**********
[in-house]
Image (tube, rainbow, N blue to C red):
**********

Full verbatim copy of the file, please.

[in-house]
Image (tube, rainbow, N blue to C red):